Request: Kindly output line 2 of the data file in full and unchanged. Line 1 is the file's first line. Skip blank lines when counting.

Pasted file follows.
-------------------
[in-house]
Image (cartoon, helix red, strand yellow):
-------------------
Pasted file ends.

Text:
Image (cartoon, helix red, strand yellow):